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New Turkey on the way to Lausanne

New Turkey on the way to Lausanne

The defeat of the Greek army in Anatolia on August 30, 1922 by the Turkish army led to the Armistice of Mudanya on October 11, 1922. This cease-fire agreement stipulated that occupation forces leave Turkish territory and a final peace treaty be signed. Accordingly, the Allies sent a notice on October 27, 1922 to the Ankara government and invited it to the peace conference that would start in Lausanne on November 13, 1922.

Turkey fought 10 years to be able to reach the road to Lausanne. From the Balkan Wars that started in 1912 until the end of the Turkish Independence War in 1922, 5 million people lost their lives. Compared to other countries that fought in WWI, this represented the biggest casualty. The Turkish nation emerged battered, tired and impoverished from this horrible war and it lacked a state. However, despite all the setbacks, the Turkish people never gave up and made a comeback with a new state through the Treaty of Lausanne. This treaty is the sole peace treaty that is still in effect since WWI. All other treaties signed in the post-war era were revoked by WWII. In other words, Turkey is the only country that has spent the last 93 years without a war.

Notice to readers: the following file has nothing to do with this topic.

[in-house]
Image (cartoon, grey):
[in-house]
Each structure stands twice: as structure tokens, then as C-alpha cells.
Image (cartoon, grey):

The Conference of Lausanne was an arduous, tense and strenuous negotiation process that saw hard bargaining. The negotiations started on November 20, 1922 but only on July 24, 1923 were the parties able to reach an agreement and sign the treaty. Furthermore, matters like Mosul, the Straits and Hatay could not be solved and were postponed to a later date. From time to time, talks hit a dead end and were halted or suspended. However, the new Turkish state was resolute on the National Pact (Misak-ı Milli) and would not budge on its stance on the Straits or the capitulations. Therefore, when the negotiations came to an end, the National Pact borders were preserved to a large extent despite minor surrender of some lands.

  Mosul Rejects British Mandate

Britain, which proved to be the main source of difficulty for the new Turkish state during the negotiation process, due to its deceitful policies and ruses – even intercepting telegrams of the Turkish delegation – intensely employed deep state policies during the Lausanne negotiations and did its best to try and ambush the Turkish side.

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